That's me for this week, folks. Have a wonderful week, and I'll catch you next week, same time, same place.
Hello everyone, how are you today? The sun is shining as I type this, and I actually feel like going out - I've spent the last couple of weeks holed up in the house, not doing anything more strenuous than picking through old photographs I collected from my mother's cupboards and remembering old times. Fortunately, I was able to get a couple of weeks off work, thanks to my colleagues and a sympathetic GP, and now it's time to pull myself together and go back on Monday.
In the meantime, I sat in front of the TV and vegged out. Eventually, I picked up the piece of bead embroidery I was working on and decided it was time to put the finishing touches to it.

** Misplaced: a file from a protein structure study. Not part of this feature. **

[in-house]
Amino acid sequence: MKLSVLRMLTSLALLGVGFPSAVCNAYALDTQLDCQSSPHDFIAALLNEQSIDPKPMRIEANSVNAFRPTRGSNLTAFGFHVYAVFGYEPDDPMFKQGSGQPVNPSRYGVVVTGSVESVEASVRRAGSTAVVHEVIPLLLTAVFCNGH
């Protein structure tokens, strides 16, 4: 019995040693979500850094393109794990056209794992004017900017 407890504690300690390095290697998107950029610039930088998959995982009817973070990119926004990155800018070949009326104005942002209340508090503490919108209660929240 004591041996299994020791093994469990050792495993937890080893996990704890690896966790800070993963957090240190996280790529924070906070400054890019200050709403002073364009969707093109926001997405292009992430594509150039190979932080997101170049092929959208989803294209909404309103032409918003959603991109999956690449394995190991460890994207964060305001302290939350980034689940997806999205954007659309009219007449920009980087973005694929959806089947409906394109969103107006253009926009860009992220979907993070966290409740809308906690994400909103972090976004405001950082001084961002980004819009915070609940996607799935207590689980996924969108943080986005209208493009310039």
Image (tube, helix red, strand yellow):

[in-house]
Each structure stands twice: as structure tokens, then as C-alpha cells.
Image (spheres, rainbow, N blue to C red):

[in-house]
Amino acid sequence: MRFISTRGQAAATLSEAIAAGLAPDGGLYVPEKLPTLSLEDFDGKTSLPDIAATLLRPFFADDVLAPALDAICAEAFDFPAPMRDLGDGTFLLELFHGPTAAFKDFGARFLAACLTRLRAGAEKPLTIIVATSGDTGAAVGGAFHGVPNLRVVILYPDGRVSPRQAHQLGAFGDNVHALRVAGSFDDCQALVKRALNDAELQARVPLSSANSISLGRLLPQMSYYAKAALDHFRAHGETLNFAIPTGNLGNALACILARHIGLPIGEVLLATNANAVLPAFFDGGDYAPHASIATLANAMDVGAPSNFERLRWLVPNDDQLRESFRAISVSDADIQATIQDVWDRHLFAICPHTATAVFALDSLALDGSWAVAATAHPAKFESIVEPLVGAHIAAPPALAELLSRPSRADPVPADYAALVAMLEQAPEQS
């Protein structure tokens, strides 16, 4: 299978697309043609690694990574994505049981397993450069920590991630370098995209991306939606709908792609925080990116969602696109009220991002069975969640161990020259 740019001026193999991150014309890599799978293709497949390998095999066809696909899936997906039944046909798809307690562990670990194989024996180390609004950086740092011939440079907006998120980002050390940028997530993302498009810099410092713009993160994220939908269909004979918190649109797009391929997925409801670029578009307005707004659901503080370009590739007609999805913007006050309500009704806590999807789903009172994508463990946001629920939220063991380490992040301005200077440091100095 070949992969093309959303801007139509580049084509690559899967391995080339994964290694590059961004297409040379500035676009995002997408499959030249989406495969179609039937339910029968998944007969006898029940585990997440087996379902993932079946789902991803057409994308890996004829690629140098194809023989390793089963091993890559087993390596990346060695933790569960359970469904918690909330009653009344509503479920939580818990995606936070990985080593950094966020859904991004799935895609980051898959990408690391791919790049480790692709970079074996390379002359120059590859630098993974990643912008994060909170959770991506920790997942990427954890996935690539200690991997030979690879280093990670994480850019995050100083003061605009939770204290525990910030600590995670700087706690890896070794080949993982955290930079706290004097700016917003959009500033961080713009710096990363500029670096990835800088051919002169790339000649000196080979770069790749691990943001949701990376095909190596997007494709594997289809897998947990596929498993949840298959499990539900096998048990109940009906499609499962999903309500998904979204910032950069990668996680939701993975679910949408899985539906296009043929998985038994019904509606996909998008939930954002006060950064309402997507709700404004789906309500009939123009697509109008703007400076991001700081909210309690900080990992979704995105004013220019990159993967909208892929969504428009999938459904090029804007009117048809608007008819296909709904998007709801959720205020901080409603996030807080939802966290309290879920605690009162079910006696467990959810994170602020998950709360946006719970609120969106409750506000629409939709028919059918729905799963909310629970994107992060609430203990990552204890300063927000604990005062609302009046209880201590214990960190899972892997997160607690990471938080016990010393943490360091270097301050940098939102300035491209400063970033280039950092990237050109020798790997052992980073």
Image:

The piece is heavily influenced by this print of Kandinsky's 'Spitzen im Bogen' or 'Points in the Curve' that hangs on a wall in my living room.
I've often stared at it, wondering how I could use it in a piece of jewellery, when it occurred to me to turn it on it's side and convert it into a necklace.
The pendant can be brought closer to the neck by removing a couple of links in the chain which is very easy to do. The dichroic glass cabochon glows like the centre of a flame, and there are many varied elements in the piece - a dyed howlite donut, rose quartz, dichroic glass, Swarovski crystal rivolis, an amethyst coloured rectangular crystal, and a multitude of Czech and Japanese seed beads. Trying to match Kandinskys sense of colour was going to be impossible, so I just went with my own. I think that's colourful enough, don't you? The pendant back was padded out with felt and covered over with Ultrasuede in a bright pink, to be just as vibrant as the front.